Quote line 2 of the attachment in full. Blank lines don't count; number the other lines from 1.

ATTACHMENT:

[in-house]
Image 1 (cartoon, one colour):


Image 1 (cartoon, one colour):